Welcome to Westport, and the unsung world of our EMTs.

Westport EMS has 3 ambulances. They are shiny on the outside -- and very impressive inside.

Westport EMS has 3 ambulances. They are shiny on the outside — and very impressive inside.

Police and firefighters were first on the scene, as they often are. But the paramedics took over, reassuring their patient while taking a medical history, providing oxygen and placing him on a stretcher.

The ambulance’s interior resembled a boat or plane: well-stocked, with no wasted space. As we headed to Norwalk Hospital, a paid paramedic and 2 volunteers worked efficiently. They checked vital signs, administered nitroglycerin and baby aspirin, communicated with the emergency room, and obtained insurance information.

That saved crucial minutes. When we arrived the patient was transported quickly inside, and hospital staff took over. Total time, from receiving the call to leaving Norwalk for the trip home: 38 minutes.

I learned a lot watching EMS in action. They’ve got a very intriguing story — and it’s one not many Westporters know.

WVEMSThere are actually 2 parts to Westport’s emergency medical services. “EMS” includes 6 paid full-time paramedics who are town employees, and a contracted Norwalk Hospital paramedic on duty 24/7.

Approximately 120 others — all unpaid — comprise our Volunteer Emergency Medical Services. They are students, business executives, attorneys, housewives, retirees and more.

The oldest volunteer — Jay Paretzky — is 72. He takes 2 shifts a week, and teaches nearly every CPR class. In the 1st 3 months of this year, he worked 400 hours for WVEMS.

The youngest volunteers are 29 high school students, part of an Explorer post. They undergo the same extensive training as the older volunteers, and perform nearly all the same tasks. (It’s not all adrenaline-inducing. They restock ambulances and write reports too.)

The initial EMT certification class involves 200 hours of classroom and practical work. Re-certification — with another 30 hours of refresher classes, and a state exam — takes place every 3 years. There’s in-service training every month, too.

Rebecca Kamins (left) acts as a "patient" during EMS training.

Rebecca Kamins (left) and Whitney Riggio act as “patients” during EMS training. Learning proper procedures are Christian Renne (left) and Zach Klomberg.

The paramedic program takes 2,000 hours, spread over 18 to 24 months. It includes clinical rotations in hospital settings. Every month, paramedics complete 4 hours of continuing education.

In other words: The guys (and gals) who take care of us know exactly what they’re doing.

Yves Cantin is a WVEMS volunteer. The father of 3 children, he takes a 7 a.m. to 1 p.m. shift every Wednesday and Friday. He spends many more hours as the organization’s treasurer.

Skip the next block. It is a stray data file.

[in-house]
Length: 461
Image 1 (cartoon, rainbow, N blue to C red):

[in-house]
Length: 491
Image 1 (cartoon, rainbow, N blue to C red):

Why does he do it?

“There a good feeling of helping the community,” he says. “It’s rewarding to deliver care that’s needed.”

Cantin has learned that despite Westport’s affluent image, our town is filled with a variety of physical and emotional needs.

He adds, “I’ve made friends through EMS. And I learn something on every call.”

EMS volunteers and paramedics (from left) Larry Kleman, Yves Cantin, Kevin Doherty, Marc Hartog, Rich Baumblatt, Joe Pravder and Aaron Greenspun stand ready, outside the ambulance garage behind the headquarters they share with Westport police.

EMS volunteers and paramedics (from left) Larry Kleman, Yves Cantin, Kevin Doherty, Marc Hartog, Rich Baumblatt, Joe Pravder and Aaron Greenspun stand ready, outside the ambulance garage behind the headquarters shared with Westport police.

EMS has 3 ambulances, 3 SUV fly cars, and a fleet of light-and-siren-equipped bicycles for staffing crowd-heavy events. EMS responds to 7 or 8 calls a day — that’s 2500 times a year — from Westport residences, schools, stores, offices, beaches, as well as incidents at our nursing home, Hall-Brooke, and on I-95 and the Merritt.

The town pays for the basics. But — in addition to volunteering their services — WVEMS fundraises for an astonishing array of equipment. They not only buy the ambulances ($190,000 each), but also an expanded $85,000 ambulance bay; the $20,000 stretchers that lift patients automatically into the backs of ambulances, and nearly everything in each ambulance, from child immobilization devices to stair carriers. (With 3 ambulances, they need 3 of everything.)

Monitors and other equipment fill the back of each ambulance.

Monitors and other equipment fill the back of each ambulance.

The net cost to Westport is small indeed. The value is priceless.

“Without our passionate paid staff, and the thousands of hours WVEMS puts in — including fundraising — we couldn’t do this,” Hartog says.

(What fundraising? A low-key annual letter, sent to Westport residents. No hard sell here — even though their service deserves it.)

EMS does not miss much. They rotate ambulances on every call. Reducing wear helps them last 10 years, far more than the national average. Ambulances are plugged in after each use, ensuring that batteries running the many medical devices stay charged.

Hartog — whose first encounter with emergency medicine came at Columbia University, when he took a first-aid class to get out of a gym requirement — says that every day is different.

“Some calls are really routine. The next time though, you have to make a split-second decision. Someone’s life is in your hands.”

EMS deputy director Marc Hartog.

EMS deputy director Marc Hartog.

Hartog, Cantin and paramedic Rick Baumblatt — also on duty the day I was there — recall the satisfaction of receiving a letter from a man or woman (or child) who was almost dead.

The family of a skateboarder with major head trauma sends a fruit basket every year. Another family — whose elderly relative was brought back from full cardiac arrest — thanks EMS often for giving them an extra 6 years together.

For the rest of us, there are 2 things we can do for our emergency medical staff.

We can say “thank you” whenever we see them.

And when that fundraising letter comes, we can give generously to EMS.

Because — paid or volunteer — they give very generously to us.